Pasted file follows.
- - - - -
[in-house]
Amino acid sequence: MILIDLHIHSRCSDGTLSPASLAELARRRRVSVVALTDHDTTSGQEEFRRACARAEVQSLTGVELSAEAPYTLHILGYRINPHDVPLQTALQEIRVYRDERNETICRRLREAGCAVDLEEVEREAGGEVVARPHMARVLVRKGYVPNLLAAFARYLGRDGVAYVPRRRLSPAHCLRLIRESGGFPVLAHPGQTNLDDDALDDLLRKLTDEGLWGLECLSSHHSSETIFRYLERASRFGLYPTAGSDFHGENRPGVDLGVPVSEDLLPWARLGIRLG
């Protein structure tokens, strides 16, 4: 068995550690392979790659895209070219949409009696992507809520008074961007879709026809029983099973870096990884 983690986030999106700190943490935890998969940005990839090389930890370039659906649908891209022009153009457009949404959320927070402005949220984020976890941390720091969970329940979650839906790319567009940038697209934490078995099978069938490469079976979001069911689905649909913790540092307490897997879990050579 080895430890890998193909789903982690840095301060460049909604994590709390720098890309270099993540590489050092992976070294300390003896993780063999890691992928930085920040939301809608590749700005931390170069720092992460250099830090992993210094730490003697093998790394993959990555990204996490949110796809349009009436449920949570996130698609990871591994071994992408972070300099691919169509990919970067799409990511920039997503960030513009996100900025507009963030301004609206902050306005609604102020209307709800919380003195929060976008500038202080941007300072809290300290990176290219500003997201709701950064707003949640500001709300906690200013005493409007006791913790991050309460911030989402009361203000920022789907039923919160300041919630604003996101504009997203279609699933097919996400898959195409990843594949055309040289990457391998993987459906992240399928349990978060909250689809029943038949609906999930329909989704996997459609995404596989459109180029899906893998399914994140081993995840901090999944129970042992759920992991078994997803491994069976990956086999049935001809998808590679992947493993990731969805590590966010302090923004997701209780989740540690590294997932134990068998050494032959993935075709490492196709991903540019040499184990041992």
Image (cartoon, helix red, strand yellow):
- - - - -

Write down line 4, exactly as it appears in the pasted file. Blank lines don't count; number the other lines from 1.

Image (cartoon, helix red, strand yellow):